On Thanksgiving morning, I loaded [hot meals] into a car to be delivered to residents in the city. I shared a route with a friend and stranger.
[Eager] to complete our task, we called the first resident on our drive to their house. He was waiting in the street when we arrived. Swiftly, we exited the vehicle, handed off two meals, called out a holiday greeting and climbed back into the car.
We didn’t call ahead to the next house though. At the front door, we rang the bell and just waited [anxiously]. An elderly man emerged and instantly asked if we wanted to join him inside. We refused his offer as we explained our reason for being there and handed over a meal, but again he asked “are you sure you don’t want to come in?” with [hope] in his voice. We reassured him of our need to proceed and left.
In the middle of our route, we realized we had only given the second resident one of his two meals, so we drove back to his house. As the door reopened, we saw a smile grow on the face behind it. The man emerged, for a second time, wide eyed and [excited] at our return. He held the door open wide and gestured us inside. We explained our situation as we handed over the second meal, in response. It was obvious the man was eager to engage in conversation, but seeing that we were on a mission, blessed us with his appreciation and farewell as we descended from his porch.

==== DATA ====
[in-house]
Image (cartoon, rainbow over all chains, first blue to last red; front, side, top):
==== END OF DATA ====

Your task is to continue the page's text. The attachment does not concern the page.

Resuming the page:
Back in the car, we discussed what the [purpose] of our role as volunteers was- to deliver tasty holiday meals to people who otherwise might not have been able to obtain one on their own. Right? But what if our role could provide, in addition to food, the most [priceless] service of all; providing company to seemingly immobile individuals who mostly appeared to be alone, and elderly, on Thanksgiving. We questioned the [integrity] of the program, recognizing one of its missed opportunities to take resident engagement to the next level- a more personal approach to acknowledging someone’s existence by providing face-to-face interaction, conversation, and [quality time].
We realized that our potential as volunteers is sometimes corrupted by personal desires, but in the words of Galations 5:13, “You, my brothers, were called to be free. But do not use your freedom to indulge the sinful nature; rather, serve one another in love.”